Difference between revisions of "Kaivalya"

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# Nirvāṇa
 
# Nirvāṇa
  
Kaivalya is a technical word used mostly by the Sāṅkhya and Yoga philosophies. Literally it means ‘kevalatva’ or ‘being all alone’. The puruṣa or the individual soul in the bondage due to his association and identification with pradhāna or prakṛti<ref>Prakṛti means the insentient nature, matrix of material creation.</ref> realizes by the practice of yoga that he is absolutely different and separate from it. This knowledge is called as ‘vivekakhyāti’. It frees him from the bondage and becomes himself once again. He becomes ‘all alone’ who is never under the slavery of prakṛti.<ref>Yogasutras 4.34</ref>
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Kaivalya is a technical word used mostly by the Sāṅkhya and [[Yoga]] philosophies. Literally it means ‘kevalatva’ or ‘being all alone’. The [[puruṣa]] or the individual soul in the bondage due to his association and identification with [[pradhāna]] or prakṛti<ref>Prakṛti means the insentient nature, matrix of material creation.</ref> realizes by the practice of [[yoga]] that he is absolutely different and separate from it. This knowledge is called as ‘[[vivekakhyāti]]’. It frees him from the bondage and becomes himself once again. He becomes ‘all alone’ who is never under the [[slavery]] of prakṛti.<ref>Yogasutras 4.34</ref>
  
  
 
==References==
 
==References==
 
{{reflist}}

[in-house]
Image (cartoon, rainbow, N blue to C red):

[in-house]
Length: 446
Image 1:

{{reflist}}
* The Concise Encyclopedia of Hinduism, Swami Harshananda, Ram Krishna Math, Bangalore
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* The Concise Encyclopedia of Hinduism, Swami Harshananda, Ram [[Krishna]] Math, Bangalore
  
 
[[Category:Concise Encyclopedia of Hinduism]]
 
[[Category:Concise Encyclopedia of Hinduism]]

Latest revision as of 01:17, 17 December 2016

By Swami Harshananda

Kaivalya literally means 'being all alone’.

Liberation from the endless cycle of birth and death has been posited by all the six systems of philosophy as the final goal of life. This goal has been variously described as:

  1. Mukti
  2. Mokṣa
  3. Kaivalya
  4. Nirvāṇa

Kaivalya is a technical word used mostly by the Sāṅkhya and Yoga philosophies. Literally it means ‘kevalatva’ or ‘being all alone’. The puruṣa or the individual soul in the bondage due to his association and identification with pradhāna or prakṛti[1] realizes by the practice of yoga that he is absolutely different and separate from it. This knowledge is called as ‘vivekakhyāti’. It frees him from the bondage and becomes himself once again. He becomes ‘all alone’ who is never under the slavery of prakṛti.[2]


References

  1. Prakṛti means the insentient nature, matrix of material creation.
  2. Yogasutras 4.34
  • The Concise Encyclopedia of Hinduism, Swami Harshananda, Ram Krishna Math, Bangalore